The Rev. Nick Lannon preaches a sermon on Luke 18, in which Jesus tells a parable about a Pharisee and a tax collector. The Gospel is not for those who have begun climbing the mountain of faith; it is for those of us in a crumpled heap at the bottom.
Continuing his class on scripture, the self, and society, Dr. Michael Nicholson looks at the sexual revolution of the LGBTQ+ community. He examines their tenuous partnership, and the particular problem of the T.
The Rev. Todd Weedman preaches a sermon on Genesis 32, in which Jacob wrestles a mysterious opponent. We learn two things from this story: first, that wherever you go, you are there. And second, that wherever you go, God is there, too.
Continuing his class on scripture, the self, and society, Dr. Michael Nicholson discusses the liquid nature of the world, the politics of recognition, imagined communities, and more.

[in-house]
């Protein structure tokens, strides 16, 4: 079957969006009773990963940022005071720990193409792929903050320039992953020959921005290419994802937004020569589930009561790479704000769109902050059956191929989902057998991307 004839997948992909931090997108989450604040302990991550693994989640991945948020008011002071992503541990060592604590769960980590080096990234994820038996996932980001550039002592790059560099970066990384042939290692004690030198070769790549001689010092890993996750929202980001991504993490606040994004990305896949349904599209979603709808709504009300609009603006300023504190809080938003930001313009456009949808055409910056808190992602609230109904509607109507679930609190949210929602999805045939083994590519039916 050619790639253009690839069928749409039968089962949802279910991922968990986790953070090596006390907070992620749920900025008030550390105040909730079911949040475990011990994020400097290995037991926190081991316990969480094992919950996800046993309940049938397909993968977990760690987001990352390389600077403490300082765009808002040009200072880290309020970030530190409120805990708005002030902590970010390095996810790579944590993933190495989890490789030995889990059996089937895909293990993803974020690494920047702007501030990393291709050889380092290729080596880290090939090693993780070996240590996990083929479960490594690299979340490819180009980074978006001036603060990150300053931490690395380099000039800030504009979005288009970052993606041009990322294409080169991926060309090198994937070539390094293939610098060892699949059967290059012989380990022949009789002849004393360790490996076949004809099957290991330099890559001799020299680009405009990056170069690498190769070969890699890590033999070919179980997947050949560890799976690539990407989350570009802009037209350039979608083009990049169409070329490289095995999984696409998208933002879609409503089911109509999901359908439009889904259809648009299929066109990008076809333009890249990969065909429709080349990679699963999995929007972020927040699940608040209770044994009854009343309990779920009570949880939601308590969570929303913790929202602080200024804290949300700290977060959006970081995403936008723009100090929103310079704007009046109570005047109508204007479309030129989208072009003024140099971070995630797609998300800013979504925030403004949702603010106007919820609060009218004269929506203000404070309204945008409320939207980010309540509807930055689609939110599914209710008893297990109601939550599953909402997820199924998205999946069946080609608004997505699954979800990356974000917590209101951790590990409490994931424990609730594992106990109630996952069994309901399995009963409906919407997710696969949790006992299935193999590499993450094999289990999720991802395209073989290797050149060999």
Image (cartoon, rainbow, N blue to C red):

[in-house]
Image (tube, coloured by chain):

For the videos shown in this class, click below:
The Rev. Nick Lannon preaches a sermon on Jeremiah 29, in which the people of Israel are called to love and care for Babylon, the people who have taken them into captivity. We are only capable of this kind of love as we remember that we ourselves were loved while we were sinners.
Dr. Michael Nicholson concludes his study of Ecclesiastes with a look at Solomon’s advice in the face of the world’s inability to satisfy: remember your creator and fear God.
Dr. Michael Nicholson continues his class on Scripture, the Self, and Society with a Bible study on the place of "culture" and "society" in scripture. What are those things and how are Christians called to interact with them?
The Rev. Nick Lannon preaches a sermon on Luke 17, in which Jesus' disciples ask him for more faith. But Jesus will not give you more of what you think you already have. Jesus will only be your everything.
The Rev. Nick Lannon answers more questions at his class on the biblical worldview. This year, the questions were about whether or not sexual sin is worse than other sin, and whether or not non-moral category distinctions (such as "white" or "black" Christian) are helpful in the church.
Dr. Michael Nicholson continues his class on Ecclesiastes with a discussion of death. What seems like—and is—the end of all our longings, desires, and dreams for this life is no reason not to celebrate this life and live like it's a gift from God.